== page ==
Where’s the refund for my nonrefundable hotel room?

When Russell Regentine cancels his hotel reservation on Expedia, he expects a full refund. So why isn’t he getting it?

Question: I made a reservation through Expedia for five nights at the Palms Resort in Myrtle Beach, South Carolina. When I booked the room, Expedia claimed that there was no cancellation fee if canceled prior to Sept. 17. I canceled in July.

I called Expedia, and a representative told me that she would try to negotiate a refund of my $133 deposit. I was put on hold. She came back on the line and said the person she spoke with at the Palms could not give me a refund.

She said she would have a manager call the Palms and try to negotiate a refund, and then let me know the outcome. I have heard nothing for the past two days. I am concerned that Expedia will do nothing and the refund deadline will pass.

I feel that Expedia should disclose its partner’s cancellation fees. Please let me know if there is any action I can take to get my refund. — Russell Regentine, Orlando, Florida

Answer: Neither the Palms nor Expedia should have charged a cancellation fee for your room.

When I went looking for the Palms’ cancellation terms on Expedia, I had a little trouble locating them. As a matter of fact, I found the entire experience to be a little frustrating. Expedia promised “no surprises!” but quoted a price for the Palms that was unavailable. Turns out that on the second screen, Expedia added a mandatory $10-per-night resort fee. (But it had the audacity to claim that both parking and Internet were “free.”)

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On the next screen, I learned that my actual rate wasn’t $59 per night, as originally promised, but $87, once all required fees and taxes had been added in.

No surprises. Right.

Tracking down the cancellation terms was even harder. You have to scroll to the bottom of the page and click on a separate link to find out that cancellations or changes made after 6 p.m. (EDT) the day before check-in “are subject to a hotel fee equal to 100% of the total amount paid for the reservation.”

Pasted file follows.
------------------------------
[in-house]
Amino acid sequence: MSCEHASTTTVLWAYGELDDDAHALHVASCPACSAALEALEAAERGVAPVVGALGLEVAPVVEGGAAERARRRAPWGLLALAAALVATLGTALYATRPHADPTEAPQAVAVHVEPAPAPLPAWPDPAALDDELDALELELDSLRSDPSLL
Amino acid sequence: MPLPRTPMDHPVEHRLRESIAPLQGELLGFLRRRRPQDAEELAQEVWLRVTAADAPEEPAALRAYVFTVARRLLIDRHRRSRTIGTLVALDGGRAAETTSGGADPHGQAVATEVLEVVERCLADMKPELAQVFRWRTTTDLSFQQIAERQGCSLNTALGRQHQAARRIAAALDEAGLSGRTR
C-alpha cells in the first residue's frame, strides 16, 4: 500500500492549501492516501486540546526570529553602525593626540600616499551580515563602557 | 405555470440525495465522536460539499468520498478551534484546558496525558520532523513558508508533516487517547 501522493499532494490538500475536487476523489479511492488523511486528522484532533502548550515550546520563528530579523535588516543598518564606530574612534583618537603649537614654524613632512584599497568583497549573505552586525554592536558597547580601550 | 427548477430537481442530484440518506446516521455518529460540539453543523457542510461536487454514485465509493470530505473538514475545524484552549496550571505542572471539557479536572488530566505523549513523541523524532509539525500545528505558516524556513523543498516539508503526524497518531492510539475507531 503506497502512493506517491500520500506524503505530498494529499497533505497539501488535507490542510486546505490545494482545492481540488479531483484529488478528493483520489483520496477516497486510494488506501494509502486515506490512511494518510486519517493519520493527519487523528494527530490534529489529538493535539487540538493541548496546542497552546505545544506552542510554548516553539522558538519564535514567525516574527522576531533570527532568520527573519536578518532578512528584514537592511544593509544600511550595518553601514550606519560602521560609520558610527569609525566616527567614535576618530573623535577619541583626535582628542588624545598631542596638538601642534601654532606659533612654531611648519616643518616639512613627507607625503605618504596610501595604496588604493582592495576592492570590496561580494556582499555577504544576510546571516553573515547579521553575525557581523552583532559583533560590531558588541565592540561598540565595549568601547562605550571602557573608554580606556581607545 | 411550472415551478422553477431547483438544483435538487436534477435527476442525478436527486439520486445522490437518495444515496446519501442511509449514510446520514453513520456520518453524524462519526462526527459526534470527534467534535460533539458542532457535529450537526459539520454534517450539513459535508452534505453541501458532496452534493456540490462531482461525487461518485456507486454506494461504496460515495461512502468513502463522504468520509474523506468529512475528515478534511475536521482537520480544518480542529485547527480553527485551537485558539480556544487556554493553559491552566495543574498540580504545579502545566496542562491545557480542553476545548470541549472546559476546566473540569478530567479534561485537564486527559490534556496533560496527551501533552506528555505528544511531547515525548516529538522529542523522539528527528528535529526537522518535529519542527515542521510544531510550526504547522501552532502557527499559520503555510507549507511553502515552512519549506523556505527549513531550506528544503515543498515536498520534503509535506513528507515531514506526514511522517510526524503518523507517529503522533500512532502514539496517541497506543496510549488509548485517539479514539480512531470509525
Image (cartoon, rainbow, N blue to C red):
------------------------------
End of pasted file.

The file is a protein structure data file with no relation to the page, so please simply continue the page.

Am I the only one who thinks these booking displays are less than honest? I mean, how many people actually click on the “Rules & Restrictions” link at the very bottom of the page to find out whether their room is refundable?

Come on, Expedia.

Your online agency should have phoned you back promptly with good news. You could have given them a little nudge by writing to one of Expedia’s corporate contacts: http://elliott.org/company-contacts/expedia/. Keeping a good paper trail is always preferable to calling.

I asked Expedia to review your case. It found that your cancellation happened well within the allowable window for — I bite my tongue as I write this — “free” cancellations. “We regret any inconvenience,” a representative told you.

Expedia said your credit card would not be charged the $133.

Christopher Elliott

Christopher Elliott is an author, journalist and consumer advocate. You can read more about him on his personal website or check out his adventures on his family adventure travel site. Contact him at chris@elliott.org. Read more of Christopher's articles here.

  • KanExplore

    Cancellation policies need to be displayed clearly, and the real room cost needs to be displayed clearly. These so-called “resort fees” should be banned unless the consumer can decline the services, which doesn’t seem to be the case here or in most situations.

  • MarkKelling

    Where does it say this reservation was “non refundable”?

  • KanExplore

    Actually the reverse seemed to be true, didn’t it? It was supposed to be refundable and the customer booked it with that assurance in mind. The fact the refund that was promised did NOT happen was what provoked the controversy. I think the practice at this site that the same person who writes the articles doesn’t write the headlines generates some mismatches.

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